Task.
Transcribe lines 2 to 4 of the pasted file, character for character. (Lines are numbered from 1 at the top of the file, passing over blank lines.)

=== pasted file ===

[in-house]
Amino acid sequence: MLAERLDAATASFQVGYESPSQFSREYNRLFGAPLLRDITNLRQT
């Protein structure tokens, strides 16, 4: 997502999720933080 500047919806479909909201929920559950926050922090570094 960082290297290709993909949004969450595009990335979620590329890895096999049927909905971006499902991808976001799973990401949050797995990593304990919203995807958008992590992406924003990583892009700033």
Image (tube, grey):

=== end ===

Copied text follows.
Amino acid sequence: MLAERLDAATASFQVGYESPSQFSREYNRLFGAPLLRDITNLRQT
């Protein structure tokens, strides 16, 4: 997502999720933080 500047919806479909909201929920559950926050922090570094 960082290297290709993909949004969450595009990335979620590329890895096999049927909905971006499902991808976001799973990401949050797995990593304990919203995807958008992590992406924003990583892009700033």
Image (tube, grey):